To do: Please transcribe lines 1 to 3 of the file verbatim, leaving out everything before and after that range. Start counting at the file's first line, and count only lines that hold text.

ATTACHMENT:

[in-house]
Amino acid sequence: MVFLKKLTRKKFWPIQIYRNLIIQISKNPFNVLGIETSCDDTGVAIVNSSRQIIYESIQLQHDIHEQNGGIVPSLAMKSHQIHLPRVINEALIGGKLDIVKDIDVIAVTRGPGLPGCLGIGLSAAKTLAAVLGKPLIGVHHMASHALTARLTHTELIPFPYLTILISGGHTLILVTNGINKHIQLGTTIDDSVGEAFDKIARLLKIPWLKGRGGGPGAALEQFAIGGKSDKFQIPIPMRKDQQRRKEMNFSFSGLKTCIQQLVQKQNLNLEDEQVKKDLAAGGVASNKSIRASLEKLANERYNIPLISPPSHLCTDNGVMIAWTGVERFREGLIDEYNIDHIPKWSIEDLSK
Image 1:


[in-house]
Amino acid sequence: MVFLKKLTRKKFWPIQIYRNLIIQISKNPFNVLGIETSCDDTGVAIVNSSRQIIYESIQLQHDIHEQNGGIVPSLAMKSHQIHLPRVINEALIGGKLDIVKDIDVIAVTRGPGLPGCLGIGLSAAKTLAAVLGKPLIGVHHMASHALTARLTHTELIPFPYLTILISGGHTLILVTNGINKHIQLGTTIDDSVGEAFDKIARLLKIPWLKGRGGGPGAALEQFAIGGKSDKFQIPIPMRKDQQRRKEMNFSFSGLKTCIQQLVQKQNLNLEDEQVKKDLAAGGVASNKSIRASLEKLANERYNIPLISPPSHLCTDNGVMIAWTGVERFREGLIDEYNIDHIPKWSIEDLSK
Image 1: